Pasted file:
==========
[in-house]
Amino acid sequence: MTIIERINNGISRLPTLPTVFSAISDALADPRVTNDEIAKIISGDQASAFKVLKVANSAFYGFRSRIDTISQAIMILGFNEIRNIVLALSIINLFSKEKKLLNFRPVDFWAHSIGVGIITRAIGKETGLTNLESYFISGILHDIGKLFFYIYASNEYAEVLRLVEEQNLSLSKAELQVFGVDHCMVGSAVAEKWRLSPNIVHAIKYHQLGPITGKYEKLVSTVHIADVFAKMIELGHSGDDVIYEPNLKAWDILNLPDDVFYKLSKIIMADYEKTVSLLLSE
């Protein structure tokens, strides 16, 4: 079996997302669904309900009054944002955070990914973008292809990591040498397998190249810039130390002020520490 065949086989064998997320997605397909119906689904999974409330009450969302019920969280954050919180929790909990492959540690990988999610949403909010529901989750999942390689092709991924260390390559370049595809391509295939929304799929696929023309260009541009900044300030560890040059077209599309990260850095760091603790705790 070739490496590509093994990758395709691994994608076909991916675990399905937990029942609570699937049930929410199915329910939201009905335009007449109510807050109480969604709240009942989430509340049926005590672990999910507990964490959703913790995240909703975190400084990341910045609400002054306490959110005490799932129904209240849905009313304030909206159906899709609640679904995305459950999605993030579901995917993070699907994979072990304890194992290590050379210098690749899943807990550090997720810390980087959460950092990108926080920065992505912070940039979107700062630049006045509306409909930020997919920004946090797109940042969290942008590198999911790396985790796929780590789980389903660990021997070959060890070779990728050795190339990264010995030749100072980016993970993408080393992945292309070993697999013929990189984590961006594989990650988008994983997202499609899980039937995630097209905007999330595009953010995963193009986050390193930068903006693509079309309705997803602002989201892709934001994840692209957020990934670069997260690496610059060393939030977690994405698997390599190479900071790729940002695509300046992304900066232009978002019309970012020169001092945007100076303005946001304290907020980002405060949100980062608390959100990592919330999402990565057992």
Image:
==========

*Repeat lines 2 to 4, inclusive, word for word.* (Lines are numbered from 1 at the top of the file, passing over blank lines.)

Amino acid sequence: MTIIERINNGISRLPTLPTVFSAISDALADPRVTNDEIAKIISGDQASAFKVLKVANSAFYGFRSRIDTISQAIMILGFNEIRNIVLALSIINLFSKEKKLLNFRPVDFWAHSIGVGIITRAIGKETGLTNLESYFISGILHDIGKLFFYIYASNEYAEVLRLVEEQNLSLSKAELQVFGVDHCMVGSAVAEKWRLSPNIVHAIKYHQLGPITGKYEKLVSTVHIADVFAKMIELGHSGDDVIYEPNLKAWDILNLPDDVFYKLSKIIMADYEKTVSLLLSE
């Protein structure tokens, strides 16, 4: 079996997302669904309900009054944002955070990914973008292809990591040498397998190249810039130390002020520490 065949086989064998997320997605397909119906689904999974409330009450969302019920969280954050919180929790909990492959540690990988999610949403909010529901989750999942390689092709991924260390390559370049595809391509295939929304799929696929023309260009541009900044300030560890040059077209599309990260850095760091603790705790 070739490496590509093994990758395709691994994608076909991916675990399905937990029942609570699937049930929410199915329910939201009905335009007449109510807050109480969604709240009942989430509340049926005590672990999910507990964490959703913790995240909703975190400084990341910045609400002054306490959110005490799932129904209240849905009313304030909206159906899709609640679904995305459950999605993030579901995917993070699907994979072990304890194992290590050379210098690749899943807990550090997720810390980087959460950092990108926080920065992505912070940039979107700062630049006045509306409909930020997919920004946090797109940042969290942008590198999911790396985790796929780590789980389903660990021997070959060890070779990728050795190339990264010995030749100072980016993970993408080393992945292309070993697999013929990189984590961006594989990650988008994983997202499609899980039937995630097209905007999330595009953010995963193009986050390193930068903006693509079309309705997803602002989201892709934001994840692209957020990934670069997260690496610059060393939030977690994405698997390599190479900071790729940002695509300046992304900066232009978002019309970012020169001092945007100076303005946001304290907020980002405060949100980062608390959100990592919330999402990565057992």
Image: